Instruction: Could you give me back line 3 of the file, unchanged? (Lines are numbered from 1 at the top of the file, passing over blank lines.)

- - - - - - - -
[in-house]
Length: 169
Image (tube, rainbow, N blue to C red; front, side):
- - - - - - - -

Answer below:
Image (tube, rainbow, N blue to C red; front, side):